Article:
Luxembourg: European Commission erred in finding grant of State aid (CJEU judgment)

A CJEU judgment decision that the EC erred in finding grant of State aid

A CJEU judgment decision that the EC erred in finding grant of State aid

The Court of Justice of the European Union (CJEU) today held that the European Commission (EC) erred in finding that Luxembourg granted unlawful State aid to the taxpayer.

The joined cases are Engie Global LNG Holding v Commission (C-454/21) and Luxembourg v Commission (C-451/21).


As explained in a release [PDF 121 KB] from the CJEU, the EC found in June 2018 that Luxembourg had granted the taxpayer unlawful State aid in connection with two tax ruling on intra-group financing transactions. In the EC’s view, the tax treatment had enabled the taxpayer to avoid taxation on almost all profit made by the taxpayer’s subsidiaries in Luxembourg in a manner that was incompatible with the internal market.

Luxembourg and the taxpayer appealed to the General Court of the European Union, but that court agreed with the EC and dismissed the actions. Luxembourg and the taxpayer then appealed to the CJEU.

The Advocate General of the CJEU in May 2023 issued an opinion proposing that the CJEU uphold the appeals and set aside the judgment of the General Court because the EC had erred in finding that Luxembourg granted unlawful State aid to the taxpayer. Read TaxNewsFlash

Consistent with the Advocate General’s opinion, the CJEU today held that the EC erred in finding that Luxembourg granted unlaw State aid to the taxpayer.

  • The court first noted that in order to determine whether a national measure constitutes State aid, the EC must demonstrate that the measure confers a selective advantage on the beneficiary. In order to classify a tax measure as “selective,” the EC must begin by identifying the reference system, that is the “normal” tax system applicable in the State concerned. Next, the EC must demonstrate that the measure at issue derogates from that reference system because it differentiates between undertakings in a comparable situation.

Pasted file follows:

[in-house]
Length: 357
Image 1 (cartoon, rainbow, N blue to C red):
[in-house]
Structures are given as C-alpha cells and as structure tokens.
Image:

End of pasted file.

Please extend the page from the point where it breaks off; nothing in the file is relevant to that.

• The provisions of Luxembourg law at issue do not expressly make the exemption of income from participations at the level of a parent company dependent on the taxation of distributed profit at the level of its subsidiary. That was the interpretation of those provisions put forward by Luxembourg. In the present case, the EC departed from that interpretation, finding that it was incompatible with the general objective of taxing all resident companies. However, the EC is in principle required to accept the interpretation of provisions of national law given by the member state provided that that interpretation is compatible with the wording of those provisions. A finding of unlaw State aid was not warranted to the extent the Luxembourg tax authorities did not depart from their own practice concerning comparable transactions.

Read a December 2023 report prepared by the KPMG EU Tax Centre

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